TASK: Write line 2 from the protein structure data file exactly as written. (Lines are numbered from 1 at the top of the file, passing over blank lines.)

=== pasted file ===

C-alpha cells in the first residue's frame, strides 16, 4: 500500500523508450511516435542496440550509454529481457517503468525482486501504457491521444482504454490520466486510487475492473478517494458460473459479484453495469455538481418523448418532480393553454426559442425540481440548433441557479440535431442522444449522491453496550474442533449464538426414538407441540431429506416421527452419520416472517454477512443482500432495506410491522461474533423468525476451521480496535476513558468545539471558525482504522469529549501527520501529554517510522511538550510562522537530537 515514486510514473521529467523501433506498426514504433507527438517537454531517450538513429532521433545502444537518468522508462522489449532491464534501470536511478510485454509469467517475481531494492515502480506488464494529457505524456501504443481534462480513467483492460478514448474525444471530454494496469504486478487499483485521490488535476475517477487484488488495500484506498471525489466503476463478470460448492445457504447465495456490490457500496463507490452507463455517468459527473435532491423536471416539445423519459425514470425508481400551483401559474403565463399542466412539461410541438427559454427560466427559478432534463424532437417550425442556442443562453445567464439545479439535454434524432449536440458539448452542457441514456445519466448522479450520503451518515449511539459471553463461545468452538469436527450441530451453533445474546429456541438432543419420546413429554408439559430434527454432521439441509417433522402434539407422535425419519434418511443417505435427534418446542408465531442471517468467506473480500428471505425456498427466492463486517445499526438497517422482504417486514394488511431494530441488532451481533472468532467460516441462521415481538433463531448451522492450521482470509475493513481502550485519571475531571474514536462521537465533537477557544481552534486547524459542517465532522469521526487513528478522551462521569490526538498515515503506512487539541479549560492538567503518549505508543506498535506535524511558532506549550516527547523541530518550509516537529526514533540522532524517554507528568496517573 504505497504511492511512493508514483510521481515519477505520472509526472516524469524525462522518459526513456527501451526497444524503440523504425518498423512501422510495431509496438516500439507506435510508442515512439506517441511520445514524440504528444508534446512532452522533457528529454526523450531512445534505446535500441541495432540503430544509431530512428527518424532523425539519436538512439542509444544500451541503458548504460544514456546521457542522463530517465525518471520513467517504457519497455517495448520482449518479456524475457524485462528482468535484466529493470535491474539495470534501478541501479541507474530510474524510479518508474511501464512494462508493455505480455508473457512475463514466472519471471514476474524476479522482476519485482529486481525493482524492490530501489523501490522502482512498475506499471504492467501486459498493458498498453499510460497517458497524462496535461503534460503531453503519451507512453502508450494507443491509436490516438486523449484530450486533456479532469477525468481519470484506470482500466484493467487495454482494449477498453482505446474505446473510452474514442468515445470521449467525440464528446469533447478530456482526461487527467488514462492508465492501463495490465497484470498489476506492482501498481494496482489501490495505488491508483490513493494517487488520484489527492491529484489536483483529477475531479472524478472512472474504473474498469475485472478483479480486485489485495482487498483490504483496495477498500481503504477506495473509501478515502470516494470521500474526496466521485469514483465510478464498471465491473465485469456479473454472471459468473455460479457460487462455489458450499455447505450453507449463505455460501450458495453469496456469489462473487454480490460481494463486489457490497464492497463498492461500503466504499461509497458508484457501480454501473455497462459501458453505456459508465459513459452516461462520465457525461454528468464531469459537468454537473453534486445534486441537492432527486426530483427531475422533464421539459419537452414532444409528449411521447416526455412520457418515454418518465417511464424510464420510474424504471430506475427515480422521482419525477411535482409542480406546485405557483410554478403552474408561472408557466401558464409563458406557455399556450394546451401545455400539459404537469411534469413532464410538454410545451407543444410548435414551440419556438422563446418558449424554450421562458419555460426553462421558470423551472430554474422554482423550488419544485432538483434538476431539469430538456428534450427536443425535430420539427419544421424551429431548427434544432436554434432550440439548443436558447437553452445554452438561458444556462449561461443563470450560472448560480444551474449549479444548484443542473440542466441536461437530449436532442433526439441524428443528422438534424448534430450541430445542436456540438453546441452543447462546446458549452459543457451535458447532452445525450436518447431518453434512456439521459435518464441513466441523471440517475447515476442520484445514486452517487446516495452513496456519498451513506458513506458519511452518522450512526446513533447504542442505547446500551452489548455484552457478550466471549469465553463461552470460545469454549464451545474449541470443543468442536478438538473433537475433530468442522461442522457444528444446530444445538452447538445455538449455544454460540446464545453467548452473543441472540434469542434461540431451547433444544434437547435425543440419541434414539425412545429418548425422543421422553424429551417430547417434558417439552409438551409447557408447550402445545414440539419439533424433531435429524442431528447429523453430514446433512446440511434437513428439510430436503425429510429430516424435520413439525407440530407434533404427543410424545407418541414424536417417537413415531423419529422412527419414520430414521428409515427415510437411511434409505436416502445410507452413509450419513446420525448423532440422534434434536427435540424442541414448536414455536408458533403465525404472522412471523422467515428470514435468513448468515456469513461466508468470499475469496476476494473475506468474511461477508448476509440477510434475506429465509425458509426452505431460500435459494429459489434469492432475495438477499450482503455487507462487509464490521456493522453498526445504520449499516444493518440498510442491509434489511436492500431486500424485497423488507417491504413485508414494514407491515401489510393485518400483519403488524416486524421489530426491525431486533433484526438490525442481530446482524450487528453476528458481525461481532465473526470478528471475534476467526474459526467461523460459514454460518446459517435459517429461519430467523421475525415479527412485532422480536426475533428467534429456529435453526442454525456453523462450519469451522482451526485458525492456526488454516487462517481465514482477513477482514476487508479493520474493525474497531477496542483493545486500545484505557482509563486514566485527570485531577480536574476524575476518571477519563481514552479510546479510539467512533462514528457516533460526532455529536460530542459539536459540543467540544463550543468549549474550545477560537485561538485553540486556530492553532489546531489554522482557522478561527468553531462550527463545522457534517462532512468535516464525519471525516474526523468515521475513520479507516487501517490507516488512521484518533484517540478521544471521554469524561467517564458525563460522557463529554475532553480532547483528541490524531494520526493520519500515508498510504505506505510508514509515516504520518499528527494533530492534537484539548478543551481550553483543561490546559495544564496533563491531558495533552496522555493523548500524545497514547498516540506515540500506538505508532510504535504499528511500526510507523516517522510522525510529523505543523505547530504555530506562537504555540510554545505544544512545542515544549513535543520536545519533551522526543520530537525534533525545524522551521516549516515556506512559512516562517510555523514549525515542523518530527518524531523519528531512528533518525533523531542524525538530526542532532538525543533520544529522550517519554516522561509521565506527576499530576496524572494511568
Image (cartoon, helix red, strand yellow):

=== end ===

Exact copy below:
Image (cartoon, helix red, strand yellow):